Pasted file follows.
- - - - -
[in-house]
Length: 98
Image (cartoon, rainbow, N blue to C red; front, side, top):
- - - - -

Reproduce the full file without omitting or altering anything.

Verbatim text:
[in-house]
Length: 98
Image (cartoon, rainbow, N blue to C red; front, side, top):